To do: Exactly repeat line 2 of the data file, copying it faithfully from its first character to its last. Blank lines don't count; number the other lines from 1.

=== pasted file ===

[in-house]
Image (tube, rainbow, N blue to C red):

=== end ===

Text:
Image (tube, rainbow, N blue to C red):